Syria Explosion
Syrian security personnel inspect the wreckage of a bus after a bomb exploded in central Damascus. Reuters

Tearing up the UN-sponsored peace plan into pieces, a suicide bomber exploded at a Damascus mosque killing nine people including security officers on Friday.

The blast occurred when worshippers were leaving the Zain al-Abideen mosque after Friday prayers. The explosion happened despite the heavy security in place at the mosque which has the reputation of being the launch pad for anti-Assad demonstrations after Friday prayers.

According to witness descriptions, a man in a military uniform wearing an explosive vest exploded when he was stopped by security officials.

An interior ministry statement put the number of wounded at 26.

"We had been trying to go to pray in the area but they stopped us at a checkpoint. Security weren't letting us in because there are usually protests there," one anti-Assad activist told Reuters by telephone.

"Then we heard the blast. It was so loud and then ambulances came rushing past us. I could see a few body parts and pieces of flesh on the road. The front of a restaurant looked destroyed. People were screaming," the activist added.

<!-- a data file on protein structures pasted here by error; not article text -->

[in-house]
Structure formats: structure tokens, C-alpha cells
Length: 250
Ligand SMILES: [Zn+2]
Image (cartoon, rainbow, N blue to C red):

So far no group has claimed responsibility for the incident.

A number of minor explosions were reported in the capital, according to state media.

The latest explosions indicate the violence is spreading to the centre of the capital city which has so far not seen much violence.

"The action is picking up and it seems the (rebels) and Assad's forces are starting to battle it out in Damascus as well," Reuters quoted an activist as saying.

Though the US and the UN blamed the failure of the Assad regime to deliver on the peace plan, Syria's major ally, Russia blamed the opposition for escalating the violence to provoke international intervention.

"This truce has not yet fully set in largely because opposition armed groups try to create provocations - explosions, terrorist acts, shooting at government forces, government buildings, administrative buildings," said Sergei Lavrov, Russia's Foreign Minister on state television on Friday.

Meanwhile, both sides - the government and the opposition - are blaming each other for the ceasefire violations.

The Assad forces committed 86 ceasefire violations after the pace plan came into effect and the number of breaches by the opposition was put at 1,300, according to figures revealed by both sides.

According to UN estimates, over 9,000 people have been killed since the anti-Assad revolt started nearly a year ago. At the same time, the Syrian forces have accused opposition forces of killing over 2,600 military personnel.